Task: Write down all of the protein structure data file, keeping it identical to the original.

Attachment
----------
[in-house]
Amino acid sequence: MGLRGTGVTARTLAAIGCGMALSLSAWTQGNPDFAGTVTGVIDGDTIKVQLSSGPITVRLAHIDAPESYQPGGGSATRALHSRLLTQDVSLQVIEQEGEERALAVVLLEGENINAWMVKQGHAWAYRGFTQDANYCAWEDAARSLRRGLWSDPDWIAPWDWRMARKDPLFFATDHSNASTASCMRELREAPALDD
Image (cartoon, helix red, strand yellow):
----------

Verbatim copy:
[in-house]
Amino acid sequence: MGLRGTGVTARTLAAIGCGMALSLSAWTQGNPDFAGTVTGVIDGDTIKVQLSSGPITVRLAHIDAPESYQPGGGSATRALHSRLLTQDVSLQVIEQEGEERALAVVLLEGENINAWMVKQGHAWAYRGFTQDANYCAWEDAARSLRRGLWSDPDWIAPWDWRMARKDPLFFATDHSNASTASCMRELREAPALDD
Image (cartoon, helix red, strand yellow):